Course – LS – All

Get started with Spring and Spring Boot, through the Learn Spring course:


1. Overview

We can use the division operator (/) to divide the left-hand value by the right-hand one in Java. For instance, int number = 10 / 5.

In this quick tutorial, we’ll explore how to get a float result from the integer division operation.

2. Introduction to the Problem

First of all, for simplicity, we’ll use unit test assertions to verify the calculation result in this tutorial.

We may have realized when we apply the division operator on two integers like a/b, it always returns an integer, even though a isn’t evenly divisible by b, for example:

int i = 10 / 4;
assertEquals(2, i);

If we run the test, it passes. So, 10 / 4 produces 2 instead of 2.5. Moreover, even if we assign the calculation result to a float variable, the result is still two:

float x = 10 / 4;
assertEquals(2, x);

So next, let’s first understand why this happens and then figure out how to get the desired float result, for example, 2.5 in this case.

3. Why Does the Division of Two Integers Always Result in an Integer in Java?

To understand why 10 / 4 = 2 in Java, we need to check the division operator section in JLS (Java Language Specification) to know how the division operator’s behavior is defined.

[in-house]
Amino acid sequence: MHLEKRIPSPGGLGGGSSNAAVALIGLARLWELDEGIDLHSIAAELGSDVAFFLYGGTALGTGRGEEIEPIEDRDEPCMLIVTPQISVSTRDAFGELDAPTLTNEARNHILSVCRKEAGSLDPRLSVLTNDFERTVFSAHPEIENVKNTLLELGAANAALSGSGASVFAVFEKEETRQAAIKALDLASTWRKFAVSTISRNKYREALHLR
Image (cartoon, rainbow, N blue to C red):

First, the specification states that integer division rounds toward zero. In other words, the result of the division operation of two integers is only the quotient value. The remainder is not included.

Therefore, when we calculate 10 / 4, we get 2 instead of 2.5.

Next, let’s see how to get the expected float result if the two integers are not divisible.

4. How to Make Division of Two Integers Result in a Float?

Now, we’ve understood how the division operator works with two integers. JLS has also defined primitive operands conversion rules in Binary numeric promotion.

Binary numeric promotion is performed on *, /, and % operators. Therefore, the division operation follows the operand conversion rules.

So next, let’s take a closer look at the operand conversion rule.

As per the JLS, when we calculate a/b:

  • If either operand is of type double, the other is converted to double.
  • Otherwise, if either operand is of type float, the other is converted to float.
  • Otherwise, if either operand is of type long, the other is converted to long.
  • Otherwise, both operands are converted to type int.

Based on the rule above, if we want to make the a/b operation result in a float number, at least one operand should be of type float. 

So, next, let’s see if we can get the expected result when we cast one operand to float:

float x = (float) 10 / 4;
assertEquals(2.5, x);

float y = 10 / (float) 8;
assertEquals(1.25, y);

The test above passes if we give it a run. Therefore, casting any operand to float makes the division produce a float result.

5. Conclusion

In this quick article, we’ve discussed why the division of integers always results in integers in Java.

Further, we’ve addressed how to get the expected float result from the division of integers. This is particularly useful for nondivisible cases.

As usual, all code snippets presented in the article are available over on GitHub.

Course – LS – All

Get started with Spring and Spring Boot, through the Learn Spring course:

res – REST with Spring (eBook) (everywhere)
Comments are open for 30 days after publishing a post. For any issues past this date, use the Contact form on the site.